Bluckbuster LLC aka Bluckbuster Video, after first refusing a partnership with Netflix (year 2000), later saw that it was a significant threat (2004). At the base of it, Blockbuster was not charmed by the subscription revenue model, because it earned so much from late fees it was charging its customers. So in 2004 the CEO wanted to catch up and do 2 two things: discontinue late fees and launch their own digital platform. His board eventually saw this as something too costly, fired him and the new guy (a lieutenant serving under the original CEO) backpedaled all of that. Blockbuster would only survive that 5 more years before filing for bankruptcy. They could have rivaled, challenged and possibly kill Netflix by leveraging all they had and implementing things at the right time. The problem was not about being led by sales or product, but rather, just like what Steve Jobs was pointing to, a lack of vision. (See this article for more on that story.)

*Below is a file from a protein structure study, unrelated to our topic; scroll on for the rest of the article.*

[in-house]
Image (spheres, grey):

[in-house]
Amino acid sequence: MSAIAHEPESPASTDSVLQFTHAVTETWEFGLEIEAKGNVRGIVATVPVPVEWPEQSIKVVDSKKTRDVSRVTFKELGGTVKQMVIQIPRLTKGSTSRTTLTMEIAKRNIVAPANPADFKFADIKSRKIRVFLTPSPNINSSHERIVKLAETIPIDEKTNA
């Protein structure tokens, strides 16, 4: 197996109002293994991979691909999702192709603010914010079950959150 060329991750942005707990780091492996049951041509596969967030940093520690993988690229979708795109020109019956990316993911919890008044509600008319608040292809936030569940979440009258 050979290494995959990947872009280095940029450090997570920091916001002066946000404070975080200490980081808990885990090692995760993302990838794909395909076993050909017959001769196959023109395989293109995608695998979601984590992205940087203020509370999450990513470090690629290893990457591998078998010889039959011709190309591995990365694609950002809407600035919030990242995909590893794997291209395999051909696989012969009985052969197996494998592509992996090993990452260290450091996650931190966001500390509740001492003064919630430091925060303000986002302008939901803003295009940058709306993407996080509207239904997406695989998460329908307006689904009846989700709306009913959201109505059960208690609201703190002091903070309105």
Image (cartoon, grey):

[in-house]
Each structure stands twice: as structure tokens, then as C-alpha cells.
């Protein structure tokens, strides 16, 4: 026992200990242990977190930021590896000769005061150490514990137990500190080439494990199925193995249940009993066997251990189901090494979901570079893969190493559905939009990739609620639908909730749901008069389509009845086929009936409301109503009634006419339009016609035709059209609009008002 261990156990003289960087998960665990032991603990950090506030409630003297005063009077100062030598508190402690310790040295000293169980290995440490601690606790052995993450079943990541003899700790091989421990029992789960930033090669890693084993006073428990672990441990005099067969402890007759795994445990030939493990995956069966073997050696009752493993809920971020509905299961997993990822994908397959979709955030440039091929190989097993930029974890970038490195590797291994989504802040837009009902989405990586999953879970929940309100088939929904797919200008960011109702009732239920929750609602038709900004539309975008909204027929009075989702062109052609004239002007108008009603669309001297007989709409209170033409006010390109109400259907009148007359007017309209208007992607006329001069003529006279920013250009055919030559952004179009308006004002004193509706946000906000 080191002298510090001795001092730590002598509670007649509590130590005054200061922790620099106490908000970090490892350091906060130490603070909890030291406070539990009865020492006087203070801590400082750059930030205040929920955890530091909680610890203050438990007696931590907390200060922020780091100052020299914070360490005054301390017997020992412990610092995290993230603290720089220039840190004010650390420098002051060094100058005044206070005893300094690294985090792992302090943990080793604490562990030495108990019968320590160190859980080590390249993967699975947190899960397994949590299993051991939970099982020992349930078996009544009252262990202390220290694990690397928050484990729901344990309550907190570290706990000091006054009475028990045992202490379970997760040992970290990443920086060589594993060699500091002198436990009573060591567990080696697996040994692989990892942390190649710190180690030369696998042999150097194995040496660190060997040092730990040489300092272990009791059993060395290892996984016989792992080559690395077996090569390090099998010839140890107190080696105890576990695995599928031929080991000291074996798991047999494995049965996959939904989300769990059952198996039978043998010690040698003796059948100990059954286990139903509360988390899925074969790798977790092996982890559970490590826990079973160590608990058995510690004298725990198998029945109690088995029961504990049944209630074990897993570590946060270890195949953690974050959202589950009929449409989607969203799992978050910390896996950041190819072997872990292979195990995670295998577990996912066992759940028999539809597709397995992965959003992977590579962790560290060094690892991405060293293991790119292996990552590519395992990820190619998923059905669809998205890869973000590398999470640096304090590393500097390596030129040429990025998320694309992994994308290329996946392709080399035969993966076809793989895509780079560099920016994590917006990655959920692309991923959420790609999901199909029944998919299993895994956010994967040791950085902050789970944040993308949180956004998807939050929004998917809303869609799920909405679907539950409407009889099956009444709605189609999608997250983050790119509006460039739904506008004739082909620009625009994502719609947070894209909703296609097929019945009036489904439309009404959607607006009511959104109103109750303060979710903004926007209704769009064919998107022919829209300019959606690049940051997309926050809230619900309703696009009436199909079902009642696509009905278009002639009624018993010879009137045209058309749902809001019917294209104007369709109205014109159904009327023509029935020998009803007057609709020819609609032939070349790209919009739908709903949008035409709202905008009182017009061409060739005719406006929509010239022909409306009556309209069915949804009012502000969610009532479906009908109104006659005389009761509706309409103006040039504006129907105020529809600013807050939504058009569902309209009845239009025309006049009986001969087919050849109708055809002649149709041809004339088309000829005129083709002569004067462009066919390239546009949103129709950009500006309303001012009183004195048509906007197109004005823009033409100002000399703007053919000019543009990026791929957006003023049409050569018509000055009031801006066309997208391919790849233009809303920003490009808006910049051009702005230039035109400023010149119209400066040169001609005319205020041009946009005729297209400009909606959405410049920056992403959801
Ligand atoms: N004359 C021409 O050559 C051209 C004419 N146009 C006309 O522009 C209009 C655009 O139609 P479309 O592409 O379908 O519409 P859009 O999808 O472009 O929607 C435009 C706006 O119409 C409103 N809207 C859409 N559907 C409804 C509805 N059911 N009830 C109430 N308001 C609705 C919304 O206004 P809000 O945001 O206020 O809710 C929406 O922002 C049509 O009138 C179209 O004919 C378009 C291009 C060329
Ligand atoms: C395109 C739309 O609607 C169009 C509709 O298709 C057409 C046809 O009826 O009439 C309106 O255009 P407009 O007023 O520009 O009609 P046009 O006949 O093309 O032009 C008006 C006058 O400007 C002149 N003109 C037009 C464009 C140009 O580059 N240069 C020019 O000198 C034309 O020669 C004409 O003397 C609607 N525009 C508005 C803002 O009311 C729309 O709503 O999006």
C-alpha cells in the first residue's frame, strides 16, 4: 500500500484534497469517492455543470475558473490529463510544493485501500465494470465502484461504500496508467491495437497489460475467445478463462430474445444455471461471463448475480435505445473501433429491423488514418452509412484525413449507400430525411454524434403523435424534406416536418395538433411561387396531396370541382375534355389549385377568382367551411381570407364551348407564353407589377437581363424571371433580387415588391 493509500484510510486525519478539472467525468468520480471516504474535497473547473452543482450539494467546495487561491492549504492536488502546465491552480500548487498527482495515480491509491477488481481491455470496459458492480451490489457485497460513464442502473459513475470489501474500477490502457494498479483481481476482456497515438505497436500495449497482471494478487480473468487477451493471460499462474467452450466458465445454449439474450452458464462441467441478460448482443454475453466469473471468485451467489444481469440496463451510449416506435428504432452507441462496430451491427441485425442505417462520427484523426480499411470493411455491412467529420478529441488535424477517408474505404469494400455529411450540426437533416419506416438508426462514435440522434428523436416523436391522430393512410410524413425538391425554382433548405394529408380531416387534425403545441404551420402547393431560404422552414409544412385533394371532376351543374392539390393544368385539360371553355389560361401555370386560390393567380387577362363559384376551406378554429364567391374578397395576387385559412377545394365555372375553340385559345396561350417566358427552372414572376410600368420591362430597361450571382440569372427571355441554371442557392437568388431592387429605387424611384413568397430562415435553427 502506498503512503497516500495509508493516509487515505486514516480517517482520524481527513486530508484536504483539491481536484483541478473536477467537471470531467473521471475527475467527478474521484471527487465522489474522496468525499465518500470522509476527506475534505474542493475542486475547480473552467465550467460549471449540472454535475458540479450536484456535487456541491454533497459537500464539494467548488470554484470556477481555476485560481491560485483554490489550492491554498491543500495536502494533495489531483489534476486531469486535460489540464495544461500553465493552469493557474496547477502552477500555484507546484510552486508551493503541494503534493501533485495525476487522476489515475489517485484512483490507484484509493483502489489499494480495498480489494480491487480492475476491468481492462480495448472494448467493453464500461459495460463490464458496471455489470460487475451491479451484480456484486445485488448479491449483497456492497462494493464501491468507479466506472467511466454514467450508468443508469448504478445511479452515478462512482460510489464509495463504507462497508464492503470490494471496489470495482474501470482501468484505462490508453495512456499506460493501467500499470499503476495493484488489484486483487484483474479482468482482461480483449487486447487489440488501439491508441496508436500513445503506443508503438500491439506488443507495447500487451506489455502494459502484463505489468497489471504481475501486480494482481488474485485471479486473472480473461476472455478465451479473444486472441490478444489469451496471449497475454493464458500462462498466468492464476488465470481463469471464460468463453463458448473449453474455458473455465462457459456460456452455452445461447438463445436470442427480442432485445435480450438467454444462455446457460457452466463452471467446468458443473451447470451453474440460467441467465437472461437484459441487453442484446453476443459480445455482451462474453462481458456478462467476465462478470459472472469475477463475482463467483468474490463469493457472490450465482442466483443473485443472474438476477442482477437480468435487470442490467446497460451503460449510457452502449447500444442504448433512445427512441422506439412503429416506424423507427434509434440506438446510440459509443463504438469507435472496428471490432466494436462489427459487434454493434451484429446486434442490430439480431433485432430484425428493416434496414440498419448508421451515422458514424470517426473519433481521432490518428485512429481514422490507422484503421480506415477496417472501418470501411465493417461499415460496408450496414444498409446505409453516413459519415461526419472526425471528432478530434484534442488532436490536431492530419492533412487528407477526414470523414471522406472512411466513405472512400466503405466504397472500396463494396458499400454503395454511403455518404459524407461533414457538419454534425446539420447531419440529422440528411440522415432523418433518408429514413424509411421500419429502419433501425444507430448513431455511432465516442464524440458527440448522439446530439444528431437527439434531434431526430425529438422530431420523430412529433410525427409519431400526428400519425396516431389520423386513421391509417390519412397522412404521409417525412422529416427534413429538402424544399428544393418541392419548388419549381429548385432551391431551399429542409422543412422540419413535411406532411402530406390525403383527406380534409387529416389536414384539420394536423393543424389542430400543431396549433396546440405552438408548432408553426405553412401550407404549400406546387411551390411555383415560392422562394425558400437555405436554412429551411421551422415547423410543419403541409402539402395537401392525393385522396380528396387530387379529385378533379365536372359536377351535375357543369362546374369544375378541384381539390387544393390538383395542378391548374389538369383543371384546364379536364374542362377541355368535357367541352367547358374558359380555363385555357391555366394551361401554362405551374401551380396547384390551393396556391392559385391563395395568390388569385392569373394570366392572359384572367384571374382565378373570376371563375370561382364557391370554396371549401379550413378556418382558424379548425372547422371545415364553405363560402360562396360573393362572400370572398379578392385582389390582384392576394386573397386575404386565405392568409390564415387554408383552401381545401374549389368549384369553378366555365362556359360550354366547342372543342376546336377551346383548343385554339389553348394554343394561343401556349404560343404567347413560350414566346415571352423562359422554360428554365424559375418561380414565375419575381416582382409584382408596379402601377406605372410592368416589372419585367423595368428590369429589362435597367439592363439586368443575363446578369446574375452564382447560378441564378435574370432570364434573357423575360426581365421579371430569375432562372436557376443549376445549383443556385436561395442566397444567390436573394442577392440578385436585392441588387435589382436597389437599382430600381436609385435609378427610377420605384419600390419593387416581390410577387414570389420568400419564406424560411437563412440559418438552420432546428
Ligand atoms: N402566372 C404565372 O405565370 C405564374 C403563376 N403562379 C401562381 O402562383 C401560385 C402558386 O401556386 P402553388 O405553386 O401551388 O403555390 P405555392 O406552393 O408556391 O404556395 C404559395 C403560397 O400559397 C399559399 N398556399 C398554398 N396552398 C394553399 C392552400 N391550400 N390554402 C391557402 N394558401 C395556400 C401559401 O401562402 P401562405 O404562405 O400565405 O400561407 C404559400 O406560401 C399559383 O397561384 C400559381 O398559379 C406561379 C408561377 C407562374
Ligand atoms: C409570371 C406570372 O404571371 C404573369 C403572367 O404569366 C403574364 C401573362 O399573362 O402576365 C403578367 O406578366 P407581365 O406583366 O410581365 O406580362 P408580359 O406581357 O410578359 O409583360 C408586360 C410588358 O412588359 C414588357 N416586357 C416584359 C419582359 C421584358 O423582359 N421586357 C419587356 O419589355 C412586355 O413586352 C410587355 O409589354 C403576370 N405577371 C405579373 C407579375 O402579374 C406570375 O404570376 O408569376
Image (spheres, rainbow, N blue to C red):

In a somewhat distant past, we were given almost nothing aside from the developer's conference: no roadmap, even less of a vision.
In the recent past, we were given product roadmaps and from those, we had to guess where the company what headed, what was the vision and were things lining up or not.
Now, we are told what the vision is and what actions are planned that will make that closer to reality.
I know many can have some disappointments from a vision based webinar when they are coming with expectations that are more "technical" or "product" oriented. But for myself, I see this as a BIG improvement in their communication.